Applying to grad school can be expensive! Fortunately, some schools offer application fee waivers. They can be hard to get, but every $60 or $70 less helps. Here’s how I got fee waivers from 3 of the 8 schools I applied to. The best advice is: always ask! Call or email the admissions office, even if you don’t think the school offers a fee waiver.
Note: When it comes to fee waivers, being in certain groups is a bonus. If your group is underrepresented in academia, waivers easier to get (well, something’s got to make up for centuries of oppression!) If you got a fee waiver for the GRE (and do ask about a waiver for the GRE), it’s much easier to get them from schools, even the fancy ones.
Schools 1-5: No Waivers
The main role of application fees (in my mind) is to make sure only determined people will apply. So some very prestigious schools will have high fees with little chance of waivers. Oh, well. Additionally, the schools I applied to that had fees of $50 or less didn’t offer waivers at all. Two listed this on their websites, while I had to email an admissions rep to find out at another school.
School 6: Letter from Financial Aid Officer
One school listed very specifically the process for getting a fee waiver. You had to meet certain qualifications and have a letter from a financial aid officer saying you met those qualifications. At first, my financial aid office wavered because of their policy of not releasing information on students. Once I explained that the letter only had to say I met the qualifications, the rest was easy. She sent the letter to me and I forwarded it to the school with a cover letter. I’m applying to [program] and am requesting a fee waiver. Enclosed is a letter stating I meet the qualifications. The school emailed me the next week.Note: make sure you do this in advance of deadlines to provide enough time for all these letters to go around.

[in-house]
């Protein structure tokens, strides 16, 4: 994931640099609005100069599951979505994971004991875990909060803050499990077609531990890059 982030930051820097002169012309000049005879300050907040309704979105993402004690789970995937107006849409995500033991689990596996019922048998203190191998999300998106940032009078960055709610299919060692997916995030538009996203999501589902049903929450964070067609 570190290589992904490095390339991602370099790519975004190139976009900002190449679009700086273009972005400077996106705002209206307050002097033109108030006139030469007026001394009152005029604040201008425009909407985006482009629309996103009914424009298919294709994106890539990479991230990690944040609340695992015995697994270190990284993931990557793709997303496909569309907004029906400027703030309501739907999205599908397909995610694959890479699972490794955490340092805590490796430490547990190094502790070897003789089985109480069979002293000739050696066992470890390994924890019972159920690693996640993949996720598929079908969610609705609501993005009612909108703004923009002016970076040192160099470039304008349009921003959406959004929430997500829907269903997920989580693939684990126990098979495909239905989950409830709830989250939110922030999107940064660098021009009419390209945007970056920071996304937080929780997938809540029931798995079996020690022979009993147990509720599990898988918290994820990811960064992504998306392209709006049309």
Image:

School 7: Mystery Waivers
Unlike School 6, another school was unclear about whether fee waivers even existed. The website just said to call the admissions office. I did, and the woman who answered gave me an email address. She wouldn’t say if there were fee waivers, just that I should email a certain man. I did, and asked him whether there were fee waivers. Apparently, there were, because he asked why I wanted one. A brief (well-worded) email explanation, and I’m in fee waiver heaven! I’m still not sure what qualifications I met or whether he was just in a good mood that day. In any case, persistence won out.
School 8: Fee Waiver Program
Some schools are part of networks to encourage people from underrepresented groups to apply to graduate school. One of those groups is CIC FreeApp. I’m happy to say that registering with them will get you a fee waiver to all of the schools in their network. I’m now getting mail from a program at Indiana University I would never apply to (M.F.A, anyone?) but I don’t have to pay $60. Comb the school websites to see if they’re in any similar programs.
Final disclaimer: I’m not saying these methods are guaranteed. But if you qualify and do a little extra work, fee waivers can make applying to grad school just a little bit cheaper.